When I returned to the UK riding conditions were very different. Gravel cycling in the UK in winter is more or less an attempt to consolidate a road ride and some XC into a single ride, and for a couple of outings the shifting was adequate, but after that, it wasn’t. On my ancient 10 x 2 groupset, there’s a little wiggle room for tension to be out, if an up-shift doesn’t quite happen, you can usually just give the lever a little extra tension to hop up, without quite reaching the index point of shifting an actual gear. However, that doesn’t really work with a rear mech that has a clutch, on a 13-sprocket cassette. Going forwards shifting was unpleasant and frustratingly unreliable. Irrelative to cleaning, lubrication, and adjustment, in adverse conditions, the shifting was consistently inconsistent, which was super frustrating.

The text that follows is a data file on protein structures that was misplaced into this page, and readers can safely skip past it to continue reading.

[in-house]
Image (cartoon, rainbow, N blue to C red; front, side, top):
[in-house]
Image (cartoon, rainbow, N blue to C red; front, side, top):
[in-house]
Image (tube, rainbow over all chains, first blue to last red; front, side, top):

More than anything, I wished it had been spec’d with SRAM force Etap AXS which I’ve been riding since 2019, without changing anything but chains, because it would have meant the difference between a really enjoyable ride, and a fragmented and frustrating day, returning home with stained greasy fingers. Perhaps I had an unlucky bad copy, or there was some error in the assembly because I know plenty of people riding around on Ekar who seem happy with it. Super short rear ends are for sure harder on 1x groupsets, because the shorter the rear end, the harsher the angles at the extremes of the cassette.